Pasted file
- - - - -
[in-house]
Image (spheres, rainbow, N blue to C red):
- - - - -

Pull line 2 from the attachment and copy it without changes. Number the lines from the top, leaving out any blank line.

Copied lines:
Image (spheres, rainbow, N blue to C red):